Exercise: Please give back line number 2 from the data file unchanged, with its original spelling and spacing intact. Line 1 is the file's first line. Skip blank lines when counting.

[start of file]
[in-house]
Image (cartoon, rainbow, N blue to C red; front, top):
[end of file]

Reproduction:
Image (cartoon, rainbow, N blue to C red; front, top):